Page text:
Read Time: 6 min | Serial Fiction | Part One
Forced out of retirement by sinister forces who murdered his wife, a man who belongs to an ancient fraternity, sets in motion his own Machiavellian plan to restore equilibrium to his world.
I hold a very prestigious job. This is my second stint as an Innkeeper, as I had retired twenty-five years ago when the demands of the job had gotten to me. I made a normal life for myself, started a family, worked a nine to five. Then, two weeks ago, my previous employers forced me back into the game. The title of Innkeeper is far more lucrative than any job on the planet. Sure, the hours sucked, and that means less time with the family. Remuneration is in cash or kind, and never on the books. Now that the economy was tanking, and crime analysts were forecasting phenomenal growth in the sector, a man with my impeccable pedigree and experience was in high demand.
Innkeeper is a title that goes back to biblical times. The story of the Good Samaritan, a parable told in the good book, as taught by Jesus, says that a man from Samaria on his way to Jericho found another man who had been robbed, beaten, and left for dead. The Samaritan took the injured fellow to an Inn and paid for his period of convalescing. The Innkeeper wasn’t heard of afterward, but he was just the first of nameless, faceless characters who practice this venerated profession to be mentioned in the annals of history. You see us portrayed sometimes in movies as doctors who perform services for men who operate outside the law.
The story praises the good deed of the Samaritan, but no one ever considers the Innkeeper. That’s because we keep a very discreet profile, operating in between the lines of the good and the not so good of society. It’s a task that very few who live normal, sanitized lives, ever hear about. We have been called into service on several very noteworthy occasions. The Kennedy Assassination required our unique intervention, and the Jimmy Hoffa disappearance, comes to mind most readily.
One didn’t just get the title of Innkeeper overnight. It wasn’t a job you applied for that was advertised on a job referral site or on LinkedIn. One was chosen for this career path early on and served an apprenticeship of at least ten years. It meant skipping out on parties and homecomings. It meant learning the fine art of listening and honoring the nature of the business. We were doctors, surgeons, and Medical Examiners. We were lawyers and priests, but never judge and executioner. Discretion in my line of work was worth far more than money. Remuneration, therefore, is unquantifiable.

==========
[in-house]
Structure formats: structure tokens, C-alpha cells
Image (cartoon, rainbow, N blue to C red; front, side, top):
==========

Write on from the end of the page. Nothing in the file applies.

Twenty-five years ago, I took care of client number ninety-eight. A toddler, kidnapped from an immigrant family to send a message. I needed a sabbatical after that one. The emotional detachment from my tasks which had been the cornerstone of my work ethic and professionalism had been compromised. Sleep evaded me, my thoughts were no longer free flowing. All I could think about every night for two years was that toddler. I suppose everyone has their demons; Everyone has a closet full of skeletons, but I say this not as an idle boast… I have an entire cemetery full of demons. And every soul I had tenderly… erm, replanted, had been haunting my sleep for the last twenty-five years. I knew everyone’s names, and where their final resting place was. At my Inn, no one ever checks out. It was ninety-eight secrets too many that a man was required to keep. For neglecting the performance of my duties, however, my daughter became my 99th two weeks ago. I was back on the job.